Linux and Main have an interview with Bart Decrem, co-founder of Eazel (producers of the Nautilus graphical shell for GNOME) and vice president of Hancom Linux. Decrem discusses software in Korea, why companies and governments outside the US don't want to become too dependent on Microsoft, and more. Also featured on Slashdot. While on the subject of Hancom Linux, Linux and Main also reported that Hancom Linux is shipping what is believed to be the first Arab-language Linux distribution. As reported by OSNews, Hancom have now completely focused on the Linux platform for their Hancom Office productivity suite.

     SOT Linux

    Linux Today have the story that SOT, publisher of Best Linux, has announced a change of name for its Linux distribution to coincide with the release of a new version of the distro. In future it will be known as SOT Linux.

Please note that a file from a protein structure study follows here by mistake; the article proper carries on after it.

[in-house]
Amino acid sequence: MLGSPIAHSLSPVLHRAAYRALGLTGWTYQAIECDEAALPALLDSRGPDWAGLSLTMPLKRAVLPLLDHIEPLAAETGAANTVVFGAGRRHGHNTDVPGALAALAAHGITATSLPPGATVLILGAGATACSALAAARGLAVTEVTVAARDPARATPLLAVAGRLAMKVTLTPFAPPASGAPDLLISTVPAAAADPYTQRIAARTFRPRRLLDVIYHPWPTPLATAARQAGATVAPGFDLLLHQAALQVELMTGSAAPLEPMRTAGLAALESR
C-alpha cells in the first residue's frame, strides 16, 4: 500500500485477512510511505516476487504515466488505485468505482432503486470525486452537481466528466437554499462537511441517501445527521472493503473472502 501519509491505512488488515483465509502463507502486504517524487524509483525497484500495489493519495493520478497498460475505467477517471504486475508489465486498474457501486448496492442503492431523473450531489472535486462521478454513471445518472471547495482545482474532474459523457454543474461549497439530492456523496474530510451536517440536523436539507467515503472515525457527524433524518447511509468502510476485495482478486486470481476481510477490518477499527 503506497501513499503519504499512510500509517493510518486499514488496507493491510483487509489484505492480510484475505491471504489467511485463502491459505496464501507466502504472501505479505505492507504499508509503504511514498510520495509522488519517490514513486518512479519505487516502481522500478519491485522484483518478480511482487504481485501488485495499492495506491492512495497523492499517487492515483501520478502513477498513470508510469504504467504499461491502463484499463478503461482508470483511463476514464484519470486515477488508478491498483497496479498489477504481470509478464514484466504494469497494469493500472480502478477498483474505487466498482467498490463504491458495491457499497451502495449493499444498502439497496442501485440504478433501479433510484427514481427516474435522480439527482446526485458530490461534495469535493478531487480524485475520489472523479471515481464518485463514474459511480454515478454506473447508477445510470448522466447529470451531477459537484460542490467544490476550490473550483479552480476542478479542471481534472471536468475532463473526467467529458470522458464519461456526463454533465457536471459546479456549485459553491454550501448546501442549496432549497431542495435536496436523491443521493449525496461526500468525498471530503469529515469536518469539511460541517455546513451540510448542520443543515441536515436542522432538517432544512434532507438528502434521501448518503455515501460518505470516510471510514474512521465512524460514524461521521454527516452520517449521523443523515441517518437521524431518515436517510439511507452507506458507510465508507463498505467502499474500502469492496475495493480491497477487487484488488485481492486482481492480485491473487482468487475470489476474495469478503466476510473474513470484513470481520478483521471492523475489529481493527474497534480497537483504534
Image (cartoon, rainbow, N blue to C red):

SuSE Linux and IBM have announced a broad services alliance that will enable both companies to jointly provide Linux support and services to corporate customers around the world. In the agreement, IBM Global Services and SuSE will collaborate on support and professional services. IBM will package and support turnkey implementations of SuSE Linux Enterprise Server, backed by SuSE's expert development, maintenance, and support teams. In addition to this complete services offering, the two organizations will also collaborate on customer engagements and supplement each other's skills to provide a formidable Linux services delivery capability for corporate customers.

    Slashdot ran the story that SuSE 8.0 has shipped, and now includes KDE 3.0, kernel 2.4.18, and various other upgrades/enhancements.